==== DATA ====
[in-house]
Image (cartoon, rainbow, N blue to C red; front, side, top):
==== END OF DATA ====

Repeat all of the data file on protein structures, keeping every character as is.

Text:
[in-house]
Image (cartoon, rainbow, N blue to C red; front, side, top):